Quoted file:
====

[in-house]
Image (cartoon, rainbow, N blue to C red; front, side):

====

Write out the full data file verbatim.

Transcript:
[in-house]
Image (cartoon, rainbow, N blue to C red; front, side):